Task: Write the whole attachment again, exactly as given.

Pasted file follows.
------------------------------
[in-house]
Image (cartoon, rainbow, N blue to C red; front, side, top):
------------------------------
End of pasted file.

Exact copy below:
[in-house]
Image (cartoon, rainbow, N blue to C red; front, side, top):